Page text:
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Dark Planet: Battle for Natrolis

Developer: Creative Edge | Publisher: Ubisoft
Players: 1+ Player Game | Release Date: 03/20/02 | Genre: RTS

Dark Planet: Battle for Natrolis gives you the option of commanding one of three different races into 3-D RTS battle. The game engine delivers an astounding stage to wage a smidgen of warfare. While the environment proves to be an amazing backdrop for what could be a truly amazing game, it falls a bit short of being a great game.

The tri-race scheme quickly brings StarCraft to mind. The Terran contingency translates into the Colonists here, and the Dreil could easily be a distant cousin to the Zerg. The third race, the Sorin, manage to break out of the clone mold and leave you wishing that the other two races could have been the recipients of a bit more creativity. With their distinctive look and magic-wielding priests, they seem more like something that you'd find in WarCraft 3. At first glance this fantasy race within a game that sports a futuristic human and otherworldly alien races seems odd, but the Sorin fit and manage to thrive.

The engine brings to life a captivating world complete with trees that sway in the breeze and waterways that ripple with life. The camera view can be changed on the fly by rotating at 90¬? angles, zooming in and out, and lowering to a ground view or rising to an aerial view. Sure, it's neat to zoom in on your units and watch them fight, but it turns out to be hard to keep track of the action. You can also lower your view down and end up trying to see through a ridge at your troops caught in a scuffle on the opposite side. Wishing that the terrain or obstructing structure would turn transparent or that my hidden units would be somehow highlighted, I found myself leaving the camera in the default overhead view most of the time. Even from that angle units blended into the heavily detailed background at times.

Dark Planet does provide a few unit control features that make it easier to implement your battle orders. Groups of units can be hotkeyed to the number keys in the usual manner, but you are limited to only the 1-6 keys. Neither the manual nor experimentation turned up any use for 7-9, but they definitely wouldn't work for hotkeys. In RTS's that sport massive battles, this makes it a bit harder to micro-manage your combat. You can assign the hotkey groups into various formations and even create custom formations to your own liking. Groups or individual units can be given default combat stances, such as setting your primary combat units to aggressive or order your workers to try to flee from the enemy. Neither of these last two features is original (especially if you are a fan of Age of Empires 2), but they do expand upon their functionality to be a bit more useful. "He likes it, he likes it!"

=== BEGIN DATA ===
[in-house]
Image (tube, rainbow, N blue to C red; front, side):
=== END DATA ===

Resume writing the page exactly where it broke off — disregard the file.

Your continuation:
Simply put, the interface is frustrating, until you have a chance to get to know it. If you have a small army selected and right-click on an enemy unit, your troops will usually try to go to that spot instead of engaging that unit. There's no sound or text alert that you've completed an upgrade or created a new unit, unless you happen to be watching the relevant building. If you want to build a particular building then decide not to after you are in the process of placing the structure, you can't hit the escape key to cancel. Before a mission, you are given a briefing window that's against a static background. Once you accept the mission, the load screen appears, and then you are treated to an exact repeat to the briefing. The game speed always turned itself back down to the minimum speed after each mission, driving me nuts with its turtle-like pace. With a bit more polish on the interface, the game could have been a lot more user-friendly and made it easier to enjoy the game.

None of the campaign missions are especially original. They range from your standard building up and destroy the objective to build this type of unit and rescue that particular unit. It might be me, but it seemed like a few of the missions were extremely similar for different races. The multiplay aspect of the game turns out to be fairly fun with a good group of players. Once you are able to distinguish which unit is which, players can fight skirmish battles (deathmatch free-for-all), capture the flag, domination {hold a series of markers for a certain amount of time}, and even play some multiplayer campaigns. This last mode appeared to be original in that the game would expand the world and the objectives to compensate for the number of human players in the game.

Overall the game leaves you with the feeling that it needed a bit more polish to be truly complete. None of the problems that I encountered restricted the gameplay to the point that you couldn't play the game, but they definitely offered their share of distractions and frustrations. Players who consider themselves RTS masters should find the game familiar enough to pick up quickly, but the lack of originality and innovation keeps the game from standing out against the competition.

By Greg Meadors - 04/16/02
ESRB Details: Blood and Gore, Violence

Screenshots for Dark Planet: Battle for Natrolis

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